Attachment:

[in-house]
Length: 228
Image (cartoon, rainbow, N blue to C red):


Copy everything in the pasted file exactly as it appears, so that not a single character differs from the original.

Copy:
[in-house]
Length: 228
Image (cartoon, rainbow, N blue to C red):